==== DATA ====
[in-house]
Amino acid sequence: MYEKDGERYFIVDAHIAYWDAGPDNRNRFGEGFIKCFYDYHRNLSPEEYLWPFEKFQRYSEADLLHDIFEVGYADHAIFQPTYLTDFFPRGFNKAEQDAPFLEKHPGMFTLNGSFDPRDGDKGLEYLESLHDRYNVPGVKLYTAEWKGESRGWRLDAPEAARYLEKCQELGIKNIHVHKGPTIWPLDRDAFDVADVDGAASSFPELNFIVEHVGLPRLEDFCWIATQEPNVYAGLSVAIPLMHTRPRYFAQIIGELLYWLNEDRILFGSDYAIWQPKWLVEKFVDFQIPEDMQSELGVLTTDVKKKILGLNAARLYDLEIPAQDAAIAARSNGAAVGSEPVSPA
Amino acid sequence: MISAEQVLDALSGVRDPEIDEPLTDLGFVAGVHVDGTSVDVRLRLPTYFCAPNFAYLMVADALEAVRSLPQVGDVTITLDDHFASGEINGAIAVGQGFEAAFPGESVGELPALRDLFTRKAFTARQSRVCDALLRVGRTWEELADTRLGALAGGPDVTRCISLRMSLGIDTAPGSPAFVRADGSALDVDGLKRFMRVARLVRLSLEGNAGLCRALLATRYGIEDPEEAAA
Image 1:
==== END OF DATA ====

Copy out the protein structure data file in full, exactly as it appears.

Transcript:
[in-house]
Amino acid sequence: MYEKDGERYFIVDAHIAYWDAGPDNRNRFGEGFIKCFYDYHRNLSPEEYLWPFEKFQRYSEADLLHDIFEVGYADHAIFQPTYLTDFFPRGFNKAEQDAPFLEKHPGMFTLNGSFDPRDGDKGLEYLESLHDRYNVPGVKLYTAEWKGESRGWRLDAPEAARYLEKCQELGIKNIHVHKGPTIWPLDRDAFDVADVDGAASSFPELNFIVEHVGLPRLEDFCWIATQEPNVYAGLSVAIPLMHTRPRYFAQIIGELLYWLNEDRILFGSDYAIWQPKWLVEKFVDFQIPEDMQSELGVLTTDVKKKILGLNAARLYDLEIPAQDAAIAARSNGAAVGSEPVSPA
Amino acid sequence: MISAEQVLDALSGVRDPEIDEPLTDLGFVAGVHVDGTSVDVRLRLPTYFCAPNFAYLMVADALEAVRSLPQVGDVTITLDDHFASGEINGAIAVGQGFEAAFPGESVGELPALRDLFTRKAFTARQSRVCDALLRVGRTWEELADTRLGALAGGPDVTRCISLRMSLGIDTAPGSPAFVRADGSALDVDGLKRFMRVARLVRLSLEGNAGLCRALLATRYGIEDPEEAAA
Image 1: